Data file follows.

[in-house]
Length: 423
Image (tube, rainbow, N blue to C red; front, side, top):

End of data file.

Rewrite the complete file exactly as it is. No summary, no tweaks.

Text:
[in-house]
Length: 423
Image (tube, rainbow, N blue to C red; front, side, top):